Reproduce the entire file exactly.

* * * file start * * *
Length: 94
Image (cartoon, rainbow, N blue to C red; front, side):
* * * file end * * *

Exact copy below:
Length: 94
Image (cartoon, rainbow, N blue to C red; front, side):